In this example for instance, lets say the electric motor works at its max (and theoretically doesn't wear off), so it gives 105 J/s. Does this mean that the car battery (energy = 8.64 x 107 J) will be completely discharged of energy after 8.64 x 107/105 = 864 seconds, or 14 minutes and 24 seconds, with the car going in top speed? Is that correct?

    Thanks for your comments.

    Another thing that may need comment is: In terms of physics principle we are talking about the wind acting against the car - so energy is continuously NEEDED to act against that force right? In what terms are we calculating this here above? Also, is FRICTION with the road the driving force? Because the wheels act in the opposite direction to the car's motion on the road.
    Last edited: Oct 27, 2012
  6. Oct 27, 2012 #5


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    That's correct....or 1 kW for 24 hours, etc.
    That is not correct. The calculation was for 1.34 kJ is energy, not power. You're making a similar mistake as the OP.
  7. Oct 27, 2012 #6


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    Looks right, yes.
    There is little or no connection. The battery is not sized based on top speed KE or any other KE, for that matter. It is sized to overcome the losses encountered while moving at a certain speed, for a certain amount of time. Wind resistance, friction in the drivetrain, etc.
    No. As I said before, once moving at top speed, the kinetic energy is completely irrelevant. All of the power supplied by the battery at top speed goes toward overcoming wind resistance and frictional losses in the drivetrain.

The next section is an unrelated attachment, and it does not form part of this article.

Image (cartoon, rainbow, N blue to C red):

Yes. And energy used continuously is called power. Watts and kW are power.
    Are you asking how to calculate wind resistance? You can't without a complex computer model or wind tunnel.
    The static friction of the road, yes. There is also rolling resistance, which is similar to a dynamic friction in the tires.
  8. Oct 27, 2012 #7
    Hey Russ,

    Now that would mean once accelerated, and in uniform top speed no energy would actually be required (in vacuum), but it would be required in case of the car because the wind and friction of the road are acting on it? Right?

    And this energy being supplied per second is the electric motors power (rated at) 80 kW, meaning its rated to supply up to 8 x 104 J every second, so that the car doesn't get beat down by wind acting against it and the friction. Is that right?


    Coming back to the equation:

    K.E. = 0.5 x M x V2 , -- this is the energy required to bring any body of mass 'M' to velocity 'V'. But wouldn't the energy required be different depending on how fast we bring the body to that velocity (i.e. depends on acceleration right)? But the equation above has nothing about acceleration or time. So that K.E. I calculated at first would be the energy required to bring it from rest to top speed in what time or acceleration?

    Even the basic formula:

    Energy = Force x distance, considers the acceleration, mass (in force), and the distance.

    I attempted a solution as follows, with the derivation for K.E. (not sure if its right):

    Energy = Force x distance => mass x acceleration x distance ......... (1)

    Acceleration = (V-u)/t , and if starting from rest, u = 0, so:
    Acceleration = V/t ......... (2)

    D = ut + 0.5at2, and if starting from rest u = 0, so
    D = 0.5at2
    => D = 0.5 x (V/t) x t2
    => Distance = 0.5 x V x t ............ (3)